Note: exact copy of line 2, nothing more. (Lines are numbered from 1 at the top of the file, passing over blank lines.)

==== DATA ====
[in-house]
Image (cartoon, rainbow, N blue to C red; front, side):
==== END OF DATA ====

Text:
Image (cartoon, rainbow, N blue to C red; front, side):